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Comment Re: Define robot? (Score 1) 125

What I mean by robot is a mobile machine with some sort of limb like manipulator.

The ASRS is a fixed crane style device with vertical elevators and horizontal shuttles. A box goes in and is pushed by hydraulic arms onto elevator, onto shuttle, into storage, and the reverse sequence when it's needed again, directed by software autonomously, and guided by photocells for positioning.

I would consider a Roomba as a robot, but not as ASRS. I would refer to an automated crane for sure as a 'robotic' crane, but not simply as a robot.

Comment Define robot? (Score 1) 125

I write warehouse control systems for some of the world's biggest automated warehouses. There's very little in use that meets the colloquial usage of 'robot'. The shuttle ASRS systems mentioned are machines that technically fulfil the robot criteria, but you wouldn't look at one and call it a robot. The stuff that does look like a robot, the ROI just doesn't seem to be there just yet.

This is one area where Europe leads America still. In Europe, higher costs for land and unskilled labour mean logistics companies have been forced to automate more. ASRS solutions give much better storage density, and goods to person pick stations make much more efficient use of human labour (a person stands at a fixed station, and moves units from one box to another, the machines move all the boxes around).

I can't quite see where mobile robots are really going to make a leap forwards in the next few years in these sorts of warehouse. A little Kiva-style robot moving a pallet round is more flexible than fixed conveyors, but doesn't add any fundamental new capabilities: AGVs have been around for at least 18 years and they haven't really caught on in a big way. And unit picking robots like that Magazino right now are too finicky, and can't keep up with a goods to person station - it's just not an efficient use of machinery.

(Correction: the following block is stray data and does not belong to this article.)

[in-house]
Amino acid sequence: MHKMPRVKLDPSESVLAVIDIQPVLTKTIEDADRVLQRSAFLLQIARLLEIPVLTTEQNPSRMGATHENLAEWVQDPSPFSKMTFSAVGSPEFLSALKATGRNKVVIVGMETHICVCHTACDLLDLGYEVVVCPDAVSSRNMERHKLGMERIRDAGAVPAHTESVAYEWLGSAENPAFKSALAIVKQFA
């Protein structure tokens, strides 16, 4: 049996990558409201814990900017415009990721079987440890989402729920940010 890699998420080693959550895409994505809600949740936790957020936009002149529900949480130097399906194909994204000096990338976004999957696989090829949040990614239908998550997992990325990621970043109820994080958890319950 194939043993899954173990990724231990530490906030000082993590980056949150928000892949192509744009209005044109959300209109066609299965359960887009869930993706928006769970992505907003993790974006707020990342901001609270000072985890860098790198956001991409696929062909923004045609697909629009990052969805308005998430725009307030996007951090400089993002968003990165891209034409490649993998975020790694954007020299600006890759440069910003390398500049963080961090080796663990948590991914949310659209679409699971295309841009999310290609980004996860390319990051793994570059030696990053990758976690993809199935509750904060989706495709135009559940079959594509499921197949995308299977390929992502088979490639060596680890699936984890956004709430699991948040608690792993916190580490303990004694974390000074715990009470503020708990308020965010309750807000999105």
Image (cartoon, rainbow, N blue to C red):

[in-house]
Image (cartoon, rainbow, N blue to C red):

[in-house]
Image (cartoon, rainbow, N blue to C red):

That will probably have changed in 10 or 20 years, but not by 2021.

Comment Re: Toyota engine, Subaru body. Subaru in airplane (Score 1) 289

The same principle does work in software. Chrome and Safari use the same 'engine'. With enough thought and effort it works fine. The problem is generally business software is typically bespoke to a specific business and also big and sprawling. It's more like a custom aircraft carrier than a car!

Comment Re: Does Sony also provide... (Score 2) 117

The 20/20 vision line is a few from the bottom on the eye chart, it's just the 'normal' vision line. It's been a few years since I've done an eye test but last time I could fairly easily read every line on the chart, which is substantially better than 20/20 vision. Even so, I remember my vision being significantly more acute when I was younger! I can definitely imagine plenty of people being able to see and use this higher resolution.

Comment Street light variant (Score 2) 164

Their first product is a 100W 9 foot version. I found that quite interesting if it can scale down to streetlight scale. Not sure if the movements are small vibrations or large scale oscillation but if you could use these to mount streetlights it sounds like in windy areas they should provide enough power to run the lights for free.

Comment Re:Pointless (Score 1) 152

Which is the clever bit if your read the TFA:

We take a significantly different approach. Instead of explicitly storing decoy vaults, we construct single ciphertext which, when decrypted with any wrong master password, yields a decoy vault that appears to have been sampled from the distribution of plaintext vaults (across the entire user population). This approach is inspired by the theory of honey encryption [23].

Still not certain I understand how that works, but it certainly isn't an obvious or trivial approach to take.

Comment Re:Over think (Score 1) 152

I'd guess the difficulty is that you want everything encrypted: that is, the password database will contain a list of website or server names, as well as the usernames and also the passwords. It's pretty difficult to distinguish between a valid and invalid password assuming they're generated randomly according to sets of rules. However, the rest of the data is likely to be human readable and full of standard dictionary words.

So it's only easy to make the password database inscrutable upon attempted decryption if it ONLY contains the passwords. In which case a list of servers and user names is held unencrypted. And that bit is undesirable. This system therefore has to generate entire valid looking vaults that decrypt with incorrect passwords.

Comment Re:Hahahahahahahahaha LOL (Score 1) 441